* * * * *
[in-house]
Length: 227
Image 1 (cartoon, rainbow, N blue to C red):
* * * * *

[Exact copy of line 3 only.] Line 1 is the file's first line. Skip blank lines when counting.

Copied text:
Image 1 (cartoon, rainbow, N blue to C red):